History - Special Events

The Knutsford Methodists could be proud of their record during the first fifty years of the new Chapel, and, at the Jubilee held on 14th June, 1914, this was warmly and thankfully acknowledged in the celebrations. The Rev. W. H. H. Kelshaw, who was born in Knutsford but was a Minister in London, preached at 11.00 a.m. and 6.30 p.m. On the following Monday, a Circuit gathering took place in the grounds of Tatton Park. Tea was served to two hundred and fifty people. After tea, speeches were made and photographs taken. In the evening, the Rev. F. Luke Wiseman, B.A., ex-President of the Conference, was the principal speaker at a Commemorative Rally in the Chapel. The Chairman was Mr. William Clarkson. The same month of the celebrations was to provide a less happy memory, however. A severe thunderstorm struck Knutsford causing damage to the Chapel's 70 ft. steeple. Although, via an insurance claim, repairs were completed, the long-term stability of the structure proved not to be durable. 34 years later it was completely removed (1948). Centenary Celebrations, 1965, of Second Chapel Various former ministers took the pulpit over a series of Sundays, renewing old acquaintances and recalling past events. This included a 'Ladies Sunday', at which the preacher was Mrs. E. R. Taylor whose parents-in-law were both prominent members of Knutsford's Methodist Chapel. On 2 April, some 240 people enjoyed a Centenary Supper which included entertainments provided by Mrs. C. T. Harris's (the Minister's wife) 'The Happy Wanderers' choir and Miss Rosemary Hall's drama group. Founders' day itself, commemorating the laying of the new chapel's foundation stone, was celebrated on 2 May, conducted by the Rev. C. T. Harris. The Sunday School processed around the church in replication of the procession, 100 years earlier, across the town from the old to the new Chapel. They sang again one of the same hymns which the town heard on that special day. The President of the Conference, the Rev. A. Kingsley Lloyd, conducted the evening Service, before a packed church. Centenary Day, commemorating the actual opening of the new chapel, took place on 11 May, and effectively represented the pinnacle of the centenary year's celebrations. The special afternoon Service, part of which followed the order of service used on the original opening day, was conducted by the Rev. Geoffrey Litherland, Warden of the Deaconess College, Ilkley. Lord Rank, himself a leading Methodist, took the chair at a crowded evening meeting, interspersed with hymns and prayers between congratulatory addresses from the other churches in the town, and from the Urban Council. The themes of the addresses from both the Rev. Litherland and Lord Rank emphasized the fundamental need for the Church to be effective in carrying the Gospel beyond its own walls to the outside world.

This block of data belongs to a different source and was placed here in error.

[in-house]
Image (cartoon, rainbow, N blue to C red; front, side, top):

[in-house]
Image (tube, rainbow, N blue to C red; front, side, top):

Ordination of David Griffiths The ordination of David J.Griffiths, former Sunday School and Youth Club member at the Chapel, took place' also at the Chapel, on Tuesday 4 November 1969. David was continuing his missionary service in Sierra Leone when the Methodist Conference held its Ordination Service earlier in the year. This allowed him a rare opportunity to suggest where his Ordination Service might be held. His wish for his to take place at the church where he spent his formative teenage years was granted, creating a unique event for Knutsford's Methodist Church. Other former members of Knutsford's Methodist Church who have become ordained Ministers include Tim and Ann Hall, Pam Butler, Neil Thompson, John Kendall, Hilary Ewing and Caroline Ryder.

'Live' BBC TV Christmas Day Worship - 1978 This was admirably led by Derek Davidson in a church filled with people, lighting gantries and both mounted and mobile TV cameras. The viewers at home, however, saw and heard only a happy congregation in a bright and colourful church, participating in the joy, warmth and excitement of a family-based Christmas day Service. On this occasion, in addition to the traditional readings, prayers and hymns, the Order of Service included an actual baptism and a drama portrayal by the young people of the nativity scene.